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Welcome to the official website of the Colorado Sand Creek Massacre Commemoration Commission. Here you will find information on how the Commemoration Commission plans to help honor the 150th anniversary of the Sand Creek Massacre.


Download the 150th Commemoration and 16th Annual Sand Creek Massacre Spiritual Healing Run Schedule or click here for more information

16th SCMSHR Agenda and 150th Commemoration - Final JPG16th SCMSHR Agenda and 150th Commemoration -JPG page 2

11 thoughts on “Home

  1. My wife and I are planning our trip from Seattle to the 150th Memorial of Sand Creek, Is there a list of updated events that happen that weekend, We would like to reserve rooms near where these events will happen (Sand Creek or Denver), We only have a short window open and will have to be back on the road on the 30th or the 1st. Thank You , Frank

  2. I am a sixth generation Coloradan. I learned the truth about the Sand Creek Massacre from my father when I was a little boy. My father did not shy away from the truth. Two of my ancestors rode with Chivington on that horrible day, Porter M. Hinman and his brother, Platte Hinman. They were under the command of Captain Nichols as part of the Boulder volunteers. The irony of their participation was that their father, Porter T. Hinman was a friend of Left Hand. My father could not forgive Porter M. and Platte for being a part of the slaughter. Porter T. Hinman felt the same. He left the family ranch/farm on Left Hand Creek. He rode to the Little Snake River to be with his youngest son, Frank A. Hinman. There Porter T. Hinman died.

    I have a strong love for the Arapaho and the Blue Sky People. I am a writer and poet. I worked for a year on a poem about the Sand Creek Massacre. It is titled, Song of Sand Creek. I would be honored to read it. Better yet, I would be honored to have it read by a descendent – Arapaho or Cheyenne.

    Peace.

    • Mr. Hinman: My name is Jeff Campbell, I’m the ex-officio historian at the Sand Creek Massacre National Historic Site. I’d really like to touch base with you and discuss your ancestors. Please contact me. Sincerely, Jeff C.

  3. Hello, my name is Rodney Hobbs. I am a songwriter/musician and have written a song entitled “Sand Creek Massacre”! This song was approved by descendants of Sand Creek Massacre and published in 2000/2001 for the Sand Creek Massacre Decendants Trust Organization.
    My wife and I will be attending the 150th Ceremony and would be honored to sing this song at the ceremony! Here is a link to a YouTube video of me playing this song at the Sand Creek Massacre site!!

    Please contact me via e-mail if interested!!
    Thank you,
    Rodney Hobbs

  4. SAND CREEK MASSACRE
    NOVEMBER 28-29, 1864
    “Your Roman Nose has counted the first coup on the longest-faced white man who was ever killed!”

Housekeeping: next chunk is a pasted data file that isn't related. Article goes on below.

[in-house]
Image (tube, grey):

Spoken by Roman Nose

    It was a cold morning for murder,
    White Union cavalry troops drunk and vitriolic,
    came stealthy into a sleepy Cheyenne and Arapaho village.
    With ‘bravery’ they shot down women, children
    in their mother’s arms, old men too old to ride out
    for the buffalo kill, young warriors who overslept that day.
    The creek bed would soon be filled
    with the oozing of American Indian blood,
    And that blood would continue to flow into streams
    of African American, Latin, Vietnamese, Iraqi
    and Afghanistan blood, A world of rivers and tributaries of loss,
    obscured by reports from the White House
    and its corporate media machine,
    After all, they prefer a Gobbles over a poet who wrote
    about the burning and sacking of Troy.

    Would Homer have created an Iliad and Odyssey out
    of this: the plunder of the winter tipis, the scalping
    of the dead— even children and infants.
    The Union soldiers dressing-up their rifles
    with human fetuses, Indian male and female genitalia…
    The cold, indifferent November morning being
    the soldiers and officers’ alibi for not killing more.
    Back in Denver, they would display their ‘battle trophies’
    of human remains in the Apollo Theater and
    the citizens’ vulgar saloons.
    Where was Achilles or Ajax among the victors?

    On this freezing November evening with stars blinking,
    I think of the spirits of the great Indian dead
    at Sand Creek… I hear the grieving Shostakovitch’s
    Seventh symphony play in and through the windowpanes,
    reminding me of who we are.

    Luis Lázaro Tijerina, Burlington, Vermont

  5. I just watched the excellent program “Colorado Experience: Sand Creek Massacre”
    by Rocky Mountain PBS on YouTube. It rekindled a long time interest about this historical event that I’ve had since I was a kid It got me to thinking that now might be a good time to start the process of changing the name of Colorado’s highest peak from the governor who contributed to this massacre to a name honoring the Cheyenne and Arapaho tribes. It might be another step in the healing process.

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